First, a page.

And with that, he kissed me on the cheek in front of them.
I blushed a bit, but without even thinking about it, turned my face toward Karen, so only she could see, smiling, and kind of raising my eyebrows to share with her a pleased-with-what-he’d-said-and-done look. Karen immediately smiled back broadly and reached and covered my hand with hers firmly. She held my eyes with her own … and with her wide grin.
Her gesture clearly meant that she was pleased for me, seeing I was happy with what Ted had said.
But it was also something more. It was an expression that meant something else, something, somehow more complex and more serious than we were immediately sharing as two women, something that came directly out of the shared women’s understanding of the central importance of relationships in women’s lives.
It was amazing. A woman I had met barely a few minutes earlier, and here we were having an altogether feminine, uniquely woman-to-woman kind of connection. I had had my first natural “vagina dialogue:” a kind of connection that I recognized immediately to be unlike any I had ever experienced in my life before, a special kind of natural connection that exists among women and that differs from any kind of connection men ever experience. I knew immediately and without question, my interchange with Karen was one of the most unconsciously and purely feminine things I had ever done, one of the most feminine experiences and feelings I had ever had.
Then, closing my eyes in the wistful moment, I felt the first pangs of mourning that this magic was, of course, not real. It wasn’t my imagination at all, but a sweet reality that broke my reverie. As if he had been reading my mind, it was the actual, tangible, kind reality of Ted’s lips on my cheek again.
And when I opened my eyes, his face was still so close to mine. Warm feelings flooded me, and I leaned forward just the tiny bit needed, and I kissed him softly on the lips.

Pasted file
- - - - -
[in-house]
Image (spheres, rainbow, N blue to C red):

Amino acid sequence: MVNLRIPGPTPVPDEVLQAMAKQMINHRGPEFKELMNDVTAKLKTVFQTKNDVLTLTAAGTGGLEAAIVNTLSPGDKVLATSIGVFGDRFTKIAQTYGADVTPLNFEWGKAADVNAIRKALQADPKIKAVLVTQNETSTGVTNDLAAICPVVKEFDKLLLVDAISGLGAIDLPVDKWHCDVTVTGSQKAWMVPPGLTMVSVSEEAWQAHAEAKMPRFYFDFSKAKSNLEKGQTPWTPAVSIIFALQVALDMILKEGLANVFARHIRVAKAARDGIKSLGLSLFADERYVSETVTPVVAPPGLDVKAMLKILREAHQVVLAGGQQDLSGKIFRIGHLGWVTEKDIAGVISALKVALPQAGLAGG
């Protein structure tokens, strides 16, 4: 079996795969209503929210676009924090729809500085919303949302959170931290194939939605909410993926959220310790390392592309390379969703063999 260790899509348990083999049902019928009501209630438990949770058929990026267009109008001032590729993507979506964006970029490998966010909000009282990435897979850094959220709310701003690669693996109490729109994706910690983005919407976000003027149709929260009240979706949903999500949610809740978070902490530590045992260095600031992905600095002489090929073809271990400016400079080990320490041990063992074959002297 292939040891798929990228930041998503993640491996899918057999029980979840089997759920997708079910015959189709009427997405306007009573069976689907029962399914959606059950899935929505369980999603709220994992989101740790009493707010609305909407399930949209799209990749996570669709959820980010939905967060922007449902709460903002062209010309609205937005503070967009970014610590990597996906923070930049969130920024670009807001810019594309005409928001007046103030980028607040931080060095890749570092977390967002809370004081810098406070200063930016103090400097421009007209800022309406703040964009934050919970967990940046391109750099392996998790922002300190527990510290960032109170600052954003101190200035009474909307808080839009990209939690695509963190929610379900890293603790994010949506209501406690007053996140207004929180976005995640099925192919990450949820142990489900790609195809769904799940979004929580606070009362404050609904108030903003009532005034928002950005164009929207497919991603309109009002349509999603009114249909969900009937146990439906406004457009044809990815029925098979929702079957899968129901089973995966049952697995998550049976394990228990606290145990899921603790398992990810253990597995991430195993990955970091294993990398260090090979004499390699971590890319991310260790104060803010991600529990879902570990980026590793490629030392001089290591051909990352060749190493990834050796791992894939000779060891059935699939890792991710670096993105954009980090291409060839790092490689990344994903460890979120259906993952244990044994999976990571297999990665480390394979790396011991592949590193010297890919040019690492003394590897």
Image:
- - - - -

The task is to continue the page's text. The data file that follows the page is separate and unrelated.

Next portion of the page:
Karen smiled at us again.
Karen and Bob and Ted and I got on famously the whole evening. We were enjoying one another so much that we all seemed to look forward to the breaks between jazz sets, breaks that were filled with chatter. I found it surprisingly easy to adjust my end of the conversation about work and family, minimizing the variations from the truth of my life stories, changing them just enough to stay consistent with my gender that night.
We left the club together.
Being ever gracious, Ted gave them the first cab that we found. While we waited to find another one, Ted put his arm around me, pulling me tight against him in protection from the gathering cold.
But luckily, we didn’t have to wait long for another cab; and we were soon headed back to our hotel.
The cab was warm and comfortable. I slid in only halfway across the wide back seat; and when Ted got in after me and closed the door, I hesitated only a moment before tucking in under his arm, pulling it around my shoulders, letting my head drop onto his shoulder, and shamelessly snuggling in against him.
And that was the ride back to our hotel.
(And I was already thinking about the outfit with the red jacket that I would wear to the museum tomorrow.)
More Articles by Cheryl Ann (Cassie) Sanders
- And What I Wore (Ending)
- And What I Wore (Part 3)
- And What I Wore (Part 2)
- …and What I Wore
- Thinking “Softer” about Men …and Love